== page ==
March 22, 2018

Yesterday, Today & Tomorrow

Or, how has the world of work changed over the last 100 years, and crucially, what will it look like 100 years from now?

Fundamentally, nothing has really changed. People did what needed to be done but between about 1880 and the start of the First World War, the paradigm-shifting effects of the Industrial Revolution took jobs out of the rural theatre and into the cities.

Then & Now

There are plenty of professions that haven’t really changed at all, there are plenty that have and there are plenty that couldn’t have been imagined even by the finest minds of the age.

The professions of law, accountancy and banking really haven’t changed that much aside from Excel and calculators replacing counting beans and abacuses, and nor have jobs like hairdressing, gardening and cooking. Styles and fashions change but people wanted delicious food prepared with good quality ingredients and neatly clipped gardens and heads in 1900 the same way they do today.

But there are plenty of jobs that existed then that would be completely alien to us today…


Gas Lamplighters Then: Loads In the early 19th century, gas lamps in the street needed to be lit every night and extinguished every morning and each town or village had a lamplighter tasked with illuminating the streets. The death-knell sounded for the first time in 1879 in Newcastle when the first electric streetlights were installed and by 1910, almost the entire country’s streetlights were electric.

Gas Lamplighters Now: None There are plenty of gas lamps in towns up and down the country but they are either decorative legacies of times past or have been converted to electric.

Compositors Then: Loads A compositor was the person at a newspaper or printer who would set, compose and arrange movable type for printing. They would load up the lettering ensuring the right size, font, order and direction in a composing stick, it would be transferred to the paper and then run off. A good compositor could pick up between two and three thousand types an hour.

Compositors Now: Very Few Industrial-scale printers and computerisation put paid to the composition industry in the 1950s and by the 1970s, the entire industry was dead. Sad, but inevitable. The last skilled compositors are purely decorative and can mostly be found in museums.


Knocker-Uppers Then: Loads A knocker-upper was a local who was literally paid to wake people up. Before the advent of alarm clocks, schoolboys, women and even policemen would earn a few extra pennies by going to people’s houses at a specific time in the morning and knocking on the upstairs window with a long stick. They could leave when they were sure the person was awake.

*Profound Question Alert* Who woke up the knocker-upper?

Knocker-Uppers Now: None Alarm clocks got invented.


Aircraft Listeners Then: Loads Up until as recently as the 1930s, our sole defence against enemy aircraft was huge war tubas. They were massive ear trumpets set on high ground designed to funnel the sound of incoming airships and planes into headphones whereby planes could be scrambled to intercept them. They looked ridiculous but proved to be surprisingly effective as an early warning system.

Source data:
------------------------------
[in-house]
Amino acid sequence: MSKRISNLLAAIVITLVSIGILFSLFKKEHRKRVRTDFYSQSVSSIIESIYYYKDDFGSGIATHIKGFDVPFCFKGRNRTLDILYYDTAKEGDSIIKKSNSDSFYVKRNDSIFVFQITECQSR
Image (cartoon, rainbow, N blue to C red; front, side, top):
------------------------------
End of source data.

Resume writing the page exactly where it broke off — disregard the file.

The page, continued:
Aircraft Listeners Now: None Radar was developed in the early years of the Second World War and while the huge trumpets were still used in Japan, our radar systems were enough for the RAF to defeat the Luftwaffe in the Battle of Britain.



We know that in a lot of industries, automation has replaced (or will replace) manual labour but what will the working landscape look like a century from now? 1950s sci-fi writers thought we’d be living on the moon with robot butlers and many of us of a certain age are still waiting patiently for hoverboards, but in the unlikely event of any of those things happening, what jobs will our great-great-great-grandchildren be applying for?

Would we have laughed in the late 1980s if someone said you’d be able to make a very comfortable living as a life coach, YouTuber or blogger? Probably.

In truth, we have no idea what people are going to be doing (or earning) in 2118 and it has been estimated that 60% of the jobs people will be doing in just a decade from now haven’t been invented yet but there are a number of industries either in their infancy or a twinkle in Elon Musk’s eye. Which one of these do you fancy?

Clone Ranchers After giving birth to a ‘blank human’ we will be able to download our chosen sex, hair colour, height and even personality.

Organists Not the kind you’ll find in Westminster Abbey but the kind who will be able to grow replacement organs and limbs based on a specific set of requirements.

Nano-Weapons Specialist Our weapons of the future will be tiny. So tiny in fact that they will be invisible to the naked eye. And therefore far more dangerous.

Natural Forecasters We will know when natural disasters like earthquakes, tornadoes and tidal waves are about to hit, what damage they will do and what we can do to prepare other than boarding up shopfronts.

Amnesia Surgeons The medical profession will be advanced enough to be able to erase bad memories or destructive behaviour.

Time Bankers If you’re short at the end of the month you can go to and borrow a few quid to pay your credit card bill but what if you haven’t got enough time? Will you be able to take out a time loan?

This really is the pinnacle of speculation but if you leave a note in a dresser somewhere telling your future relatives to learn Chinese and focus their career choices on renewable energy, cryptocurrency and biomedical science, it’s they will be fine.

Anyway, we’ll be back with some more great water-cooler stuff in a couple of weeks but in the meantime, have a squizz through our vacancies to see if there’s anything you fancy.

Lastly, if there’s anything you want to read more about, please let us know and we’ll seriously consider it.

Catch you soon.

The Liquid Team